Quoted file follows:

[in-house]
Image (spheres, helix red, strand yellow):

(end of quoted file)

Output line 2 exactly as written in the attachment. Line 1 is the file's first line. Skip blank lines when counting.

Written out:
Image (spheres, helix red, strand yellow):